ROGERSVILLE — The Hawkins County Commission’s Budget Committee met for the first time on Tuesday since commission Chairman Rick Brewer announced committee appointments that removed all but two of the previous members.

Newly reappointed Commissioner Mike Herrell was elected chairman of the committee, and new appointee Larry Clonce was elected vice chairman, while fellow new appointee Jeff Barrett (who was absent due to quarantine) was elected secretary.

The other new appointee is Commissioner Hannah Winegar (previously Hannah Speaks), while previous members Charlie Thacker and Raymond Jessee remain.

The seventh seat, which belongs to a District 5 (Rogersville) commissioner, was left open pending the approval of a new District 5 commissioner to replace John Metz, who resigned last year.

First appointments not made by a mayor

Brewer made the membership of the Budget and Personnel committees identical, which means six members of the previous Personnel Committee were replaced, with only Clonce carrying over.

The Personnel Committee met after the Budget Committee with Clonce being elected chairman, Winegar elected vice chair and Barrett secretary. Again, the seventh member belonging to District 5 was left open.

No other committees saw such drastic changes.

Among the more active committees: Public Safety has two new members, Syble Vaughan-Trent and Mike Herrell, as well as the open District 5 seat; Public Buildings has no new members except for the open District 5 seat; the Parks Committee has two new members, Vaughan-Trent and Danny Alvis; and the Education Committee has two new members, Dawson Fields and Brewer.

A list of the new appointees, as well as a list of the previous appointees can be seen in the photo gallery of the online version of this article at

“I tried to even it out the best I could”

Tennessee Code Annotated 5-5-103 states that the chairman appoints the commission’s committees “unless otherwise directed by a majority of the governing body.”

In 2018, the commissioners voted to give Mayor Jim Lee the authority to appoint committees despite the fact that he made the nontraditional decision following his election in 2018 not to serve as commission chairman.

This past September, however, the commission voted 12-9 to give the chairman, Brewer, the authority to appoint committees.

Brewer told the Times News on Tuesday he felt it was time to give some commissioners who haven’t held positions on the more active committees an opportunity to serve.

“I was on the Budget Committee and I took myself off,” Brewer said. “There was four people on the County Commission who weren’t on very many committees. That was Mike Herrell, Jeff Barrett, Hannah Speaks (Winegar), and Syble Vaughan-Trent. I’ve got everybody on at least four committees, and some of them are on five committees. I tried to even it out the best I could.”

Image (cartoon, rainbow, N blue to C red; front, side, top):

Brewer added, “It wasn’t anything personal against anybody. If it had been, I’d just left myself on there and not worry about it. But I tried to be fair to everybody. I know some of them are saying, ‘Well I didn’t get a fair shake.’ I tried to even the committees out, and those four people who weren’t on very many committees last time, I tried to make sure they weren’t cut plumb out again.”

Only five committees require commission approval

Over the past two years, committee appointments have been a contentious issue on the County Commission resulting in lengthy and sometimes heated discussion — particularly by those who were left off important committees.

When the County Commission meets again in full session on Jan. 25, however, only five of the commission’s 15 committees will come up for a vote — Audit, Beer Board, Environmental, Ethics and Delinquent Tax/Resale of Land.

Brewer noted that Tennessee Code Annotated calls for those five committees to be approved by the full commission.

“These others are internal committees, and they don’t have to be approved by the commission,” Brewer said. “And that’s per (County Attorney) Jim Phillips.”

One commissioner, who asked not to be identified, questioned the decision not to vote on 10 of the 15 committee appointments and sought the advice of Charles Curtiss, who is executive director of the Tennessee County Services Association.

Curtiss researched County Commission minutes dating back to 2007 and found the first mention of a committee appointment in 2015 when former mayor Melville Bailey appointed Shane Bailey to the Budget Committee following the resignation of Gary Hicks. The only commission votes on committee appointments took place in 2018 and 2019.

“I could not find a resolution in the minutes requiring County Commission approval,” Curtiss said. “Your county attorney will need to guide you on this, or the County Commission needs to pass a resolution explaining they want the appointments to the committees ratified by the County Commission.”

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